Skip to Main content Skip to Navigation
New interface
Conference papers

Why Non-Blocking Operations Should Be Selfish

Abstract : Non-blocking data structures are often analysed by giving an upper amortised running time bound in terms of the size of the data structure and a measure of contention. The two most commonly used measures are the point contention cP , the maximum number of processes active at any one time during an operation, and the interval contention cI , the number of operations overlapping with a given operation. In this paper, we show that when summed across every operation in an exe- cution, the interval contention cI is within a factor of 2 of the point contention cP . Our proof relies on properties of interval graphs where at least one simplicial vertex exists, and uses it to construct a lower bound on the overall point contention. We show that this bound is tight. This result contradicts the folklore belief that point contention leads to a tighter bound on complexity in an amortised context, and provides some theoretical grounds for recent observations that using less helping in non-blocking data structures can lead to better performance. We also propose a linked list algorithm based on Fomitchev and Ruppert’s algorithm but with selfish operations: read-only operations that do not help others but rather execute wait-free. The higher performance of our approach compared to the original list confirms that reducing helping can increase performance, with the same asymptotic amortised complexity.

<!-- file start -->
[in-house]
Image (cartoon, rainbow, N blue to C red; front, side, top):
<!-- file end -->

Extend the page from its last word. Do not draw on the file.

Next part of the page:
Complete list of metadata

Cited literature [28 references]  Display  Hide  Download
Contributor : Matthieu Roy Connect in order to contact the contributor
Submitted on : Tuesday, September 29, 2015 - 9:56:44 AM
Last modification on : Wednesday, February 19, 2020 - 1:10:04 PM
Long-term archiving on: : Wednesday, December 30, 2015 - 10:22:04 AM


Files produced by the author(s)




Joel Gibson, Vincent Gramoli. Why Non-Blocking Operations Should Be Selfish. DISC 2015, Toshimitsu Masuzawa; Koichi Wada, Oct 2015, Tokyo, Japan. ⟨10.1007/978-3-662-48653-5_14⟩. ⟨hal-01206442⟩



Record views


Files downloads